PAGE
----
fbpx

Deal When Things Get Difficult

Often, we think of stress as a grown-up problem, but in reality, kids today are navigating a world in which many of them experience stress on a daily basis. From scary global and national events to navigating relationships and schoolwork, kids need all the support they can get to successfully manage stress. At this point in our collective history, kids are dealing with a lot of changes and disruptions to their normal routines. They also have the opportunity to learn how to manage their stress in a healthy way, which will help prepare them to deal with whatever life brings over the next few months and throughout their lives. Check out the tips and ideas below to help your kids manage stress in a healthy way.

1. Show them how you manage your stress

Kids learn so much of what they know from the grown-ups in their lives. This means that, as your kid’s special person, you have a tremendous amount of power over how they learn to manage stress. While you don’t need to be a perfect role model 100% of the time, how you respond to your stress will play a significant role in how your kid responds to theirs. When you’re feeling stressed, take the opportunity to talk out loud in an age-appropriate manner about what you’re feeling and how you’ll manage it. When you say, “I’m feeling stressed about how much work I have to do, so I’m going to make a checklist, take a deep breath and reach out for support,” your kid learns that there are many right ways to manage stress.

2. Keep a routine

With schools and workplaces around the globe disrupted, many families are finding it challenging to stick to their normal routines. Sticking to a basic routine is one way parents can help their kids manage the stress of unpredictable or scary world events. When kids know what to expect and understand that their daily life will remain somewhat consistent from day to day, they feel safe and more relaxed than when their lives are unpredictable. You don’t need an hour-by-hour schedule, but keeping wake-up and bedtime routines consistent and letting the day flow in a similar manner will help your child feel more at peace during turbulent times.

3. Help them identify their feelings

Navigating the world can be overwhelming for kids and feel even more overwhelming when they’re not well-versed in naming their feelings. When your child is experiencing a big emotion (whether comfortable or uncomfortable!), help them put a name to what they’re feeling so that they can better articulate their experiences.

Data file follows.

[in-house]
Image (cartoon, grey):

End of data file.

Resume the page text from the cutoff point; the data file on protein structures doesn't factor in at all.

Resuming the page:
4. Brainstorm ideas for managing stress

Kids don’t intuitively know how to manage stress any more than they would intuitively know how to tie their shoes – managing stress is a learned skill. When your child is feeling calm, work together to brainstorm some stress management strategies they can use next time they begin to feel overwhelmed. Remind your child that what works for one person might not work for someone else, and encourage them to try out as many stress management strategies as they can so that they have a whole toolbox of go-to strategies that they know work!

5. Make bedtime peaceful

While kids can worry any time of the day, there’s something about nighttime that tends to magnify stress. Help your child manage the bedtime scaries by making bedtime as calm and peaceful as you can. Start transitioning to calmer activities in the hour before bed and follow a warm, loving routine during tuck-in time. What feels right and works will be different for every family, but consider reading a few pages (or a chapter) of a favorite book, discussing the highlights of the day or sharing just how much you love them before clicking off the lights.

Stress can be tough to manage for adults, but kids need special tools and support to help them learn to manage stress in a healthy way. As their grown-up, you have the power to support them, guide them and teach them the stress management strategies they’ll use now and as they grow!

Love what you read? Sign up to receive our emails! Get tips, advice, inspiration
and remarkable stories of women and girls fueling their limitless potential.
* Required